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When Dwarfs gather for an evening's drinking, which is most evenings, a popular entertainment is the Gold Song. During the Gold Song, the Dwarfs sing about gold and each drinker sings a verse in turn. Each Dwarf must use a different word for gold when he sings his verse, and any Dwarf that repeats a word already sung or who is unable to think of another word for gold pays a forfeit. As the forfeit is inevitably to buy another round of drinks a Dwarf will often invent a new word for gold rather than admit defeat. If this new word goes unchallenged then he avoids the forfeit and another word for gold is invented.[1a]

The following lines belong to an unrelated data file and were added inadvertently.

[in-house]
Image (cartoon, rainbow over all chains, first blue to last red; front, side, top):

Dwarfs have many words for gold in their language reflecting their value, weight, lustre, colour and even the gold's history. It would be impossible to document all of them, but the following are among the most common.​[1a]

  • Bryn - particularly shiny and lustrous.​[1a]
  • Galaz - of decorative and ornamental value.​​[1a]
  • Gorl - soft and yellow in colour.​​[1a]
  • Gorlm - old gold, passed down through many generations and left undisturbed in guarded treasure vaults.​​[1a]
  • Konk - ruddy, reddish in colour.​[1a]
  • Ril - Gold ore or new gold, recently minted.​​[1a]
  • Frorl - lucky gold, known to bring good fortune and prosperity.​[1a]
  • Kurz - unlucky gold, that which has been used in misadventure or in which the recipient has fallen foul of circumstance, such as gold that has been used to pay for inferior goods.​​​[1a]

Source

  • 1: Grudgelore
    • 1a: pg. 27

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